Senate Minority Leader Chuck Schumer (D-NY) called on Congress to pass a healthcare package that includes healthcare extenders, addresses the opioid crisis and includes both the Alexander-Murray legislation to stabilize the Affordable Care Act (ACA) individual markets and the Collins-Nelson legislation to provide federal reinsurance funding. The so-called extenders refer to programs whose funding has expired, including those affecting Medicare, rural hospitals and community health centers. Funding for such programs was not tied with the six years of Children’s Health Insurance Program (CHIP) funding included in the Jan. 22 continuing resolution (CR). Schumer also wants to extend CHIP funding from six to ten years.
Senator Orrin Hatch (R-UT) said he would be open to adding four more years to the six years of funding for CHIP that passed with the January CR. In early January, the Congressional Budget Office (CBO) announced an analysis showing that a ten-year CHIP extension would save the federal government about $6 billion.
In a Jan. 29 letter, House Oversight Committee Chair Trey Gowdy (R-SC) criticized the Department of Health and Human Services (HHS) for failing to respond to requests for information, including a list of guidance documents, information on cost-sharing reduction payments, documents related to Medicare Part D and the opioid crisis and work related to the 2017 hurricanes and federal disaster preparedness. Beginning in October, following the resignation of former HHS Secretary Tom Price, HHS began missing deadlines or providing incomplete information to the Committee.
New HHS Secretary Alex Azar has selected former hospital executive Peter Urbanowicz to serve as his chief of staff. Urbanowicz worked under Azar as deputy general counsel at HHS from 2001 to 2003, where he helped to draft the Medicare Prescription Drug, Improvement and Modernization Act of 2003. While working in the private sector at Tenet Healthcare and, most recently, Alvarez & Marsal, he helped for-profit health systems navigate federal criminal investigations and helped turn around large healthcare organizations. Urbanowicz has expressed concerns over rising federal spending under the ACA, while also noting the implications of rolling back the healthcare law in terms of people losing health coverage.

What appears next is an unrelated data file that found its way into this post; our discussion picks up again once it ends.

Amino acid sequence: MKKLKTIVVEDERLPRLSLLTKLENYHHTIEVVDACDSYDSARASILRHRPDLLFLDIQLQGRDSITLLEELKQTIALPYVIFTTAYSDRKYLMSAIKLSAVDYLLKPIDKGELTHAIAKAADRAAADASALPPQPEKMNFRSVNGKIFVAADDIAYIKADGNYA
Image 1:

Many physician groups have grown concerned about how Medicare will pay doctors under Alex Azar’s tenure as HHS secretary. During his confirmation hearing, Azar said he wanted to shift Medicare away from a fee-for-service system, which pays based on the number of procedures and services, to a more quality- and outcome-based system. It remains unclear how Azar will address the Medicare Access and CHIP Reauthorization Act (MACRA), which worries some physicians who will need time to adjust to changes.
A senior official at the Centers for Medicare and Medicaid Services (CMS) overseeing Medicaid, Brian Neale, will soon leave the agency. Neale joined the agency under CMS Administrator Seema Verma to lead the Center for Medicaid and CHIP services, which approved the recent Medicaid work requirement and tried to expand opioid addiction treatment available to enrollees. Neale worked with Verma for then-Governor of Indiana Mike Pence to expand Medicaid in the state under the ACA. Neale’s departure follows a string of senior Trump health officials leaving the agency.
Just two days after Alex Azar was sworn in as HHS secretary, Centers for Disease Control and Prevention (CDC) Director Brenda Fitzgerald handed in her resignation over conflicts of interest. While director, Fitzgerald had traded in tobacco, drug and food stocks and failed to divest her other holdings. Fitzgerald had also recused herself from work on cancer detection and aspects of the opioid crisis. It is unclear whether Azar demanded the resignation. Lawmakers had also expressed frustration over Fitzgerald’s inability to testify before Congress or respond to inquiries.
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